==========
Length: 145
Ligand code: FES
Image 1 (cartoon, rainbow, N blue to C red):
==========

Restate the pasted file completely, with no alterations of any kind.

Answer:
Length: 145
Ligand code: FES
Image 1 (cartoon, rainbow, N blue to C red):